Presentation on theme: "ELF reformulation in the EU laws on immigration: a case study Mariarosaria Provenzano Department of Foreign Languages and Literature - University of Salento."— Presentation transcript:
ELF reformulation in the EU laws on immigration: a case study Mariarosaria Provenzano Department of Foreign Languages and Literature - University of Salento (Lecce) - Italy
Research Objective In the context of cross- cultural communication in the field of Immigration Laws, there is a need for reformulating them into ELF to make them accessible and acceptable to asylum seekers. Research Focus Pragmalinguistic approach to Intercultural Communication: processes of production and reception of EU legislation on immigration. Method: ELF Reformulation processes Making legal texts accessible to non-EU migrants by adapting: - van Dijk’s Macrorules and - de Beaugrande and Dressler’s seven standards of textuality to their reformulation in cross-cultural immigration contexts.
Hypothesis The Schengen Convention establishes entry requirements to non-EU migrants. Accessibility to the Convention hindered by the Western legislators’ linguistic/ pragmatic strategies informed by their own L1 discourse patterns. Theoretical background Discourse inefficiency explored through Schema Theory (Carrell et al. 1983). Case Study
Rationale Need for developing new parameters of textuality for institutional documents in ELF within an intercultural perspective: Cohesion = syntactic text organisation according to the receiver’s linguacultural conventions. Coherence = conceptual/logical discourse organization according to the receivers’ specialized schemata. Informativity = conformity to reader’s expectations in terms of information supply. Intentionality = text producer’s achievement of discourse goals. Acceptability = reader’s acceptance of the message conveyed. Intertextuality = re- drafting and re- organisation of a previous discourse in terms of reader’s background knowledge.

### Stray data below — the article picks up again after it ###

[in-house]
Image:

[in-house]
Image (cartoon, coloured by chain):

Art. 30 of the Schengen Convention 1. The Contracting Party responsible for processing an application for asylum shall be determined as follows: (a) If a Contracting Party has issued an asylum seeker with a visa, of whatever type, or a residence permit, it shall be responsible for processing the application. If the visa was issued on the authorisation of another Contracting Party, the Contracting Party which gave the authorisation shall be responsible. (b) If two or more Contracting Parties have issued an asylum seeker with a visa, of whatever type, or a residence permit, the Contracting Party responsible shall be the one which issued the visa or the residence permit that will expire last. (c) As long as the asylum seeker has not left the territories of the Contracting Parties, the responsibility defined in (a) and (b) shall remain even if the period of validity of the visa, of whatever type, or of the residence permit has expired. If the asylum seeker has left the territories of the Contracting Parties after the visa or the residence permit has been issued, these documents shall be the basis for responsibility as defined in (a) and (b), unless they have expired in the meantime under national provisions. (d) If the Contracting Parties exempt the asylum seeker from the visa requirement, the Contracting Party across whose external borders the asylum seeker entered the territories of the Contracting Parties shall be responsible.
Phase 1: Analysis of art.30 processing an asylum request The relevance of this article is determined by the aim of the encoded norm. Semantic and pragmatic implications of vague and blurred use of ‘definitions’ (i.e. ‘external borders’) identifiable in its paragraphs. Analysis : - agentless passive, no indication of the Member State in charge of processing an asylum request (par. a) - arbitrary use of deontic modals “shall” and “will” with reference to a Member State’s responsibility in processing an asylum application (par. b) - abstractness in the transitive representation of responsibility (par. c) - ineffectiveness of ‘intertextuality’ on ‘coherence’ (par. c) - use of pre-modification in post-modified clause to identify the State in charge (par. d)